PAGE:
Coronary heart disease risk factors in subjects whose brothers, sisters or husbands developed premature myocardial infarction during 12 years of follow-up. The Finnmark Study (1977-1989)

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In individuals whose relatives have experienced heart disease, levels of classic risk factors may have been underestimated because of life style changes after serious family disease or inaccurate disease reports.


To overcome pitfalls noted in previous research, risk factors were measured at a screening of the general population aged 20-52 years in four Norwegian municipalities. After 12 years of follow-up, a first myocardial infarction was evident in 51 of 753 sibships and in 68 of 1518 spouse pairs.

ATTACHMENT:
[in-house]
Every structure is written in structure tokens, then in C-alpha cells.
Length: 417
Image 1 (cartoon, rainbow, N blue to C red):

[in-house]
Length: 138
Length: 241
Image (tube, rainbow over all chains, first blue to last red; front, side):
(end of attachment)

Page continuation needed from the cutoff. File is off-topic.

Multiple adjusted means were higher in men with than in men without a brother or sister who became affected: 7.17 versus 6.84mmol/l (P=0.07) for serum total cholesterol, 140.8 versus 135.6mmHg (P=0.02) and 85.7 versus 82.5 mmHg (P=0.04) for systolic and diastolic blood pressure. Total cholesterol readings were higher the younger (P<0.01) the sibling who experienced heart disease. Elevations were less pronounced in women, but smoking was more frequent among wives of affected than wives of unaffected husbands (58.3% versus 41.2%, P<0.01).


The markedly adverse levels of modifiable risk factors found in individuals whose brothers or sisters developed heart disease offer a potential for prevention in families with heart disease

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